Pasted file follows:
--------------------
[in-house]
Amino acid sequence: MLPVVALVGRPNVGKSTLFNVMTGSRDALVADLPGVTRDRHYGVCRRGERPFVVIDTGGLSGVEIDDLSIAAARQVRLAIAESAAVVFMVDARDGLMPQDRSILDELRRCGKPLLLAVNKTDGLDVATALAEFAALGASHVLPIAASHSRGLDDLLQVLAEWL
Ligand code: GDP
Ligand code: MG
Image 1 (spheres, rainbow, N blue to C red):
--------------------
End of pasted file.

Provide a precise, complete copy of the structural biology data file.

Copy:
[in-house]
Amino acid sequence: MLPVVALVGRPNVGKSTLFNVMTGSRDALVADLPGVTRDRHYGVCRRGERPFVVIDTGGLSGVEIDDLSIAAARQVRLAIAESAAVVFMVDARDGLMPQDRSILDELRRCGKPLLLAVNKTDGLDVATALAEFAALGASHVLPIAASHSRGLDDLLQVLAEWL
Ligand code: GDP
Ligand code: MG
Image 1 (spheres, rainbow, N blue to C red):